Even as bishops desire that their seminarians receive pastoral training, they also expect the seminary to imbue in them solid missiological orientation. A number of religious congregations entered DWST precisely because it is strong in mission theology. With the Divine Word Institute on Mission Studies (DWIMS) in place, the seminary will hopefully lift the missionary awareness of the Philippine Church.

Divine Word Seminary, Next Semi-Centenary[edit]

Fifty years is only a measure of time, but it is intimately connected with the missionary nature of Christ and his Church. As long as there are mission partners to dialogue with and peoples to evangelize, our seminary does not see its demise in the foreseeable future. The number of vocations is diminishing everywhere, and our seminary does not expect any exception. It will survive and persevere for as long as the Philippines remains strongly Catholic. It will not die, it will just fade away in the bosom of God’s providence. Two questions persistently haunt us: vocations—I speak specifically of SVD vocations. The other is the flow of professors, i.e., SVD resident professors.

First: four hundred eighty SVD confreres scattered throughout the archipelago and the more than 50,000 students in our schools are no mean and useless numbers. We consequently have no reason not to tap the resources at hand so as to intensify recruitment campaign. Non-SVD religious congregations visit our schools and invite candidates for themselves. Why can’t we? They appropriate personnel just for this purpose. Why don’t we? We can certainly organize better, program our campaign proficiently. Second: right in Tagaytay, and unlike the previous generations, the scholastics manifest willingness to become formators and to proceed for further studies. The late Bp. Duschak once remarked on us SVDs: “Money they have for good buildings but not the brain for a strong faculty.”

With our DWIMS and with the prevailing great interest in mission studies, it is imperative that we strengthen our faculty. We should seize the day when we could demonstrate that our Society and Tagaytay are, in our vision and mission, truly missionary.

Academic programs[edit]

  1. Ecclesiastical Course (course for candidates for the priesthood)
  2. Licentiate in Mission Theology (run by the Divine Word Institute of Mission Studies)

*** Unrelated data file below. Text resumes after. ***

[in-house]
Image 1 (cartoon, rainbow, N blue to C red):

3. Baccalaureate in Sacred Theology (degree conferred by the Pontifical Urbaniana University, Rome)
  4. AB Theology Degree (recognized by CHED)
  5. M.A. in Theology, Major in Moral Theology
  6. M.A. in Theology, Major in Missiology
  7. M.A. in Theology, Major in Sacred Scriptures
  8. M.A. in Theology Major in Systematic Theology
  9. M. A. in Theology: Major in Pastoral Ministry (non-thesis)
  10. M. A. in Theology Major in Mission Studies (Non-thesis)
  11. Certificate in Theological Studies (CTS)
  12. SVD-Alternative Learning System (SVD-ALS)

Administration[edit]

Rectors of the
Divine Word Seminary
Fr. Alois Lehberger, SVD, 1964–1969
Fr. Wenceslao Fernan, SVD, 1965–1966
Fr. Amante Castillo, SVD, 1968–1970
Msgr. Miguel Cinches, SVD, 1970–1973
Fr. Florante Camacho, SVD, 1973–1974
Fr. Herminio Ricafort, SVD, 1974–1979
Fr. Antolin Uy, SVD, 1979–1987
Fr. Herman Mueller, SVD, 1979–1980
Fr. Florencio Lagura, SVD, 1987–1990
Fr. Robert Orig, SVD, 1990–1993
Fr. Herbert Scholz, SVD, 1993–1995
Fr. Lino Nicasio, SVD, 1995–1996
Fr. Dionisio Miranda, SVD, 1996–1999
Fr. Antolin Uy, SVD, 1999–2002
Fr. Joseph Miras, SVD, 2002–2005
Fr. Wilfredo Saniel, SVD, 2005 – 2014
Fr. Michael Layugan SVD, 2014 – present

Board of Trustees (SY 2014-present)[edit]

Academic Council (SY 2014-present)[edit]

  • Fr. Randolf Flores, SVD - Chairperson
  • Fr. Michael Layungan, SVD - member
  • Sr. Miriam Alejandrino, OSB - member
  • Fr. Raul Caga, SVD - member
  • Fr. Felix Ferrer, SVD - member

Resident Professors[edit]

  • Sr. Alejandrino, Miriam, OSB, S.S.L., S.Th.D. - Scriptures
  • Fr. Caga, Raul, SVD, S.T.L. - Moral Theology
  • Fr. Corcuera, Atilano, Jr., SVD, S.L.L. - Liturgy
  • Fr. Crisostomo, Ronnie, SVD, S.L.L. - Liturgy, Dogmatic Theology
  • Fr. Ferrer, Felix, SVD, S.Th.D. - Fundamental Theology
  • Fr. Flores, Randolf, SVD, S.S.L., S.Th.D., Ph.D. - Scriptures, Dogmatic Theology
  • Fr. Heruela, Ross, SVD, S.Th.L. - Pastoral Ministry, Fundamental Theology
  • Fr. Javier, Edgar, SVD, S.Th.D. - Missiology
  • Fr. Layugan, Michael, SVD, S.Th.D., Ph.D. - Church History, Missiology